Lois Lowry’s The Giver, takes place in a dystopian society where knowledge and information is restricted by the government. Due to the government’s restrictions, no one can see colors or know what they are, except the Giver or their protégé. These rules also apply to emotions, except they are taught what emotions are, so that people can be “corrected” about their emotions until it seems like they have little to no emotion. To ensure this, they have to take daily medicine that reduces their ability to feel emotions, especially love. Each person also has their career determined for them by the government based on the needs of the people and the individual’s personality and abilities.
Now, the previously mentioned Giver oversees holding the memories of the past such as pain, hunger, and war so that the people remain oblivious to them, but the government can be advised on how to act to maintain their society. While it may seem nice to live in a society where pain, discrimination, and war are unknown, the Giver also must keep memories of joy, happiness, and love from the people. In short, the Giver’s job is to make sure the people remain ignorant to anything that could bring them to fight the government to regain their freedom.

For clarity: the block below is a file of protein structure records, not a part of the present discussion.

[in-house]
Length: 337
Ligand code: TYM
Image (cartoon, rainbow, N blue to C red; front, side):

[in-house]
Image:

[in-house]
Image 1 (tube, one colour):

One of the things that Lowry really does well in this book is she uses the Giver’s protégé, Jonas, to show how painful it can be to be left ignorant, to be stripped of your ignorance, and to be an outcast for holding different views. Before Jonas became a Giver, he always had a sense that there was more to life than what he was told, and then when he learned about the less than pleasant part of human history through his teachings with the prior Giver, he found some of the memories very painful. However, what hurt him the most is that he couldn’t share his knowledge, and when he did try to share it, he was often shunned. This book really shows what can happen when a society is allowed to remain ignorant.